Audit sudo docker usage


grep -E "sudo:.*docker.*exec.*" /var/log/secure | grep -vE -- "(-u|--user)"
grep -E "sudo:.*docker.*exec.*" /var/log/secure | grep -E -- '(-u|--user)\s*root'


One way to secure docker is to allow users to run it with sudo. Alternatively, you can add users to a group named “docker,” but this doesn’t provide the auditing that sudo has by default.

So you can whip up a nice, neat little sudoers.d file similar to:

User_Alias CONT_POC_USERS = %container_sudoers@ADDOMAIN
Runas_Alias CONT_POC_RUNAS = root
Host_Alias CONT_POC_HOSTS = cn-node-5*, cn-node-5*
Cmnd_Alias CONT_POC_CMNDS = /usr/bin/docker *

With a security posture where you will not allow anything to run in a container as root, you can audit compliance with a few regular expressions.

grep -E "sudo:.*docker.*exec.*" /var/log/secure | grep -vE -- "(-u|--user)"
grep -E "sudo:.*docker.*exec.*" /var/log/secure | grep -E -- '(-u|--user)\s*root'

I haven’t figured out how to have the negative and positive searches in one string, so any input there would be appreciated!

Also, I have not figured out how to actually enforce running the docker exec command only with a -u username flag, without writing a much more complicated whitelist of docker build *, docker commit *, docker container *, docker cp * et al statements which seems like a lot of work but might ultimately be necessary.


Find used files in /etc/sudoers.d/

Sudo, when given the #includedir /etc/sudoers.d/ directive, will read files in that directory.

According to its man page, it does not interpret files whose names include a dot or end with a tilde ~. You can list the files that are available for sudo to interpret with this statement:

find /etc/sudoers.d/ -type f ! -regex '\/etc\/sudoers\.d\/.*\..*'  ! -regex '\/etc\/sudoers\.d\/.*~'

sudoers Match AD group

Using AD groups in sudoers

When you need to add an Active Directory group to the sudoers, you need to know a few things.
I learned from the sudoers man page that alias names can only be in capital letters, numbers, and underscores.
Also, when you use an AD group in a sudoers file (in my case, /etc/sudoers.d/70_web-dev_grp), you prepend the group name with a percent sign.

Also, I’m pretty sure you need to have the casing of the group name exactly correct, but I haven’t tested other casings and don’t plan to. If you know anything about this, comment and let me know!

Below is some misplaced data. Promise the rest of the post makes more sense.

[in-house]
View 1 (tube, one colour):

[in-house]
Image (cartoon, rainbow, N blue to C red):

User_Alias WEBDEVGRP = %Web-dev_grp
WEBDEVGRP ALL=(ALL) /sbin/apachectl


Solve sudo sending useless emails “problem with defaults entries”

sudo problem with defaults entries

I ran into a problem on my Ubuntu 16.04 Server LTS instance.

Whenever a user (whether sssd-ad authenticated user, or local user, or root) uses sudo, it works. But it also sends the administrator a useless email: : Jun  6 14:40:44 : root : problem with defaults entries ; TTY=pts/2 ; PWD=/root ;

I started removing the defaults entries in /etc/sudoers (using the visudo) command one by one, but after removing them all it still sent the annoying emails. Here are the defaults I was working from:

Defaults        env_reset
Defaults        mail_badpass
Defaults        secure_path="/usr/local/sbin:/usr/local/bin:/usr/sbin:/usr/bin:/sbin:/bin"

How do I make sudo stop sending me useless emails?

This problem is caused by sudo looking for directives in a place it cannot find them: sss.
Check the /etc/nsswitch.conf file and modify the sudoers entry.

sudoers:        files sss

The sss should not be there. The sssd-ad package adds itself there, but very few environments store sudoers directives in sss. It’s far more likely your directives are local, so you should have a /etc/nsswitch file entry like the following:

sudoers:        files


A user of RHEL6 had the same issue.
The issue is solvable, including on Ubuntu 16.04